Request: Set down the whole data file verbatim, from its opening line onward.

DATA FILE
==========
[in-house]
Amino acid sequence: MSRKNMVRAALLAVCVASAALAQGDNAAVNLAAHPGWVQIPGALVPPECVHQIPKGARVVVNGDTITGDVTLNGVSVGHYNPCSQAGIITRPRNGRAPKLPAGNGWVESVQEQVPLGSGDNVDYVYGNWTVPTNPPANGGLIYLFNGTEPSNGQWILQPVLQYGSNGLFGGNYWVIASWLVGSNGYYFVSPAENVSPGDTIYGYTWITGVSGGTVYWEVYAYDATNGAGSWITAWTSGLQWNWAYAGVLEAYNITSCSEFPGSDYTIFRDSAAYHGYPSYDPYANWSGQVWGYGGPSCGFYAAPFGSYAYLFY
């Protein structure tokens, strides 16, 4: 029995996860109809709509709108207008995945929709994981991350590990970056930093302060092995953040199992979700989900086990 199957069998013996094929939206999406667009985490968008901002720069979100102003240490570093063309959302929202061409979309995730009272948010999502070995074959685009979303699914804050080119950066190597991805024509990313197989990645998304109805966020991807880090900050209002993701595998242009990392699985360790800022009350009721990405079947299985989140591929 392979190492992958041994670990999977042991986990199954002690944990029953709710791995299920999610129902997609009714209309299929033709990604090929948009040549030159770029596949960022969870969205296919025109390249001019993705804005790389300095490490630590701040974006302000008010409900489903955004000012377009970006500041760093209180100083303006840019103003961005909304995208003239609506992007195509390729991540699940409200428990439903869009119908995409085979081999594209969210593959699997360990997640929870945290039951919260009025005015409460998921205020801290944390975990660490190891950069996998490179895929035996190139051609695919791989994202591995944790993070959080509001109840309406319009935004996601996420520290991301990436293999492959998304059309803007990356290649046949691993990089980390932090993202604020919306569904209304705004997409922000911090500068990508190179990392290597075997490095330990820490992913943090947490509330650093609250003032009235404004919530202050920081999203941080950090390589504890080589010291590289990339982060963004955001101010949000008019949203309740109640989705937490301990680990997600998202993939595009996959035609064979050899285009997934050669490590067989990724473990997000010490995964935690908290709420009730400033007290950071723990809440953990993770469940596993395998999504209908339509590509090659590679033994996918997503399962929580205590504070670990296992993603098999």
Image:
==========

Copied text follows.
[in-house]
Amino acid sequence: MSRKNMVRAALLAVCVASAALAQGDNAAVNLAAHPGWVQIPGALVPPECVHQIPKGARVVVNGDTITGDVTLNGVSVGHYNPCSQAGIITRPRNGRAPKLPAGNGWVESVQEQVPLGSGDNVDYVYGNWTVPTNPPANGGLIYLFNGTEPSNGQWILQPVLQYGSNGLFGGNYWVIASWLVGSNGYYFVSPAENVSPGDTIYGYTWITGVSGGTVYWEVYAYDATNGAGSWITAWTSGLQWNWAYAGVLEAYNITSCSEFPGSDYTIFRDSAAYHGYPSYDPYANWSGQVWGYGGPSCGFYAAPFGSYAYLFY
């Protein structure tokens, strides 16, 4: 029995996860109809709509709108207008995945929709994981991350590990970056930093302060092995953040199992979700989900086990 199957069998013996094929939206999406667009985490968008901002720069979100102003240490570093063309959302929202061409979309995730009272948010999502070995074959685009979303699914804050080119950066190597991805024509990313197989990645998304109805966020991807880090900050209002993701595998242009990392699985360790800022009350009721990405079947299985989140591929 392979190492992958041994670990999977042991986990199954002690944990029953709710791995299920999610129902997609009714209309299929033709990604090929948009040549030159770029596949960022969870969205296919025109390249001019993705804005790389300095490490630590701040974006302000008010409900489903955004000012377009970006500041760093209180100083303006840019103003961005909304995208003239609506992007195509390729991540699940409200428990439903869009119908995409085979081999594209969210593959699997360990997640929870945290039951919260009025005015409460998921205020801290944390975990660490190891950069996998490179895929035996190139051609695919791989994202591995944790993070959080509001109840309406319009935004996601996420520290991301990436293999492959998304059309803007990356290649046949691993990089980390932090993202604020919306569904209304705004997409922000911090500068990508190179990392290597075997490095330990820490992913943090947490509330650093609250003032009235404004919530202050920081999203941080950090390589504890080589010291590289990339982060963004955001101010949000008019949203309740109640989705937490301990680990997600998202993939595009996959035609064979050899285009997934050669490590067989990724473990997000010490995964935690908290709420009730400033007290950071723990809440953990993770469940596993395998999504209908339509590509090659590679033994996918997503399962929580205590504070670990296992993603098999």
Image: